physicians is never an easy step. Many of us have gone through the
process-however painful- to find a doctor who works with us as a
partner in managing our pain and illness.
The challenge of finding a new doctor and forming a relationship,
however, is unappealing. "I've heard great recommendations
for physicians," says Sharon who lives with lupus. "But
these doctors are booked months in advance." Personally, I've
desperately wanted a second opinion a few times and have paid full-price
for it. Remember, you care and understand more about your health-or
lack of it- than anyone else, so you must be an advocate for your
As an illness progresses, what you need from your physician may
change, and yet your physician may not. A new doctor can make all
of the difference in your care. Your goal should be to live, not
just survive. That needs to be your doctor's goal too.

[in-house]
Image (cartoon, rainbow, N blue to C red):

A 2002 study published in the Journal of General Internal Medicine
found that most patients wanted to change doctors because of poor
communication with the doctor. Patients who felt left out of decisions
trusted their doctors less, but it took a lack of ordering tests,
or giving referrals for patients to shop around. Before giving up
on any doctor, explain the level of involvement you would prefer
and with him and ask if this can be met.
When looking for a new doctor, don't criticize your previous doctor.
When I've had to explain my reasons I've said, "She very nice
and I like her a lot, but she's more passive in her treatment and
I'd like to explore some other options." Explain what you are
looking for, and ask if this is possible.
is a partial article. The remainder of it can be found in our
Sept/October 2004 issue.
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